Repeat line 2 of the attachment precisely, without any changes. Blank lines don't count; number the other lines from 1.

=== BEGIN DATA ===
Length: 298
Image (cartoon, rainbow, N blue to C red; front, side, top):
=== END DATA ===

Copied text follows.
Image (cartoon, rainbow, N blue to C red; front, side, top):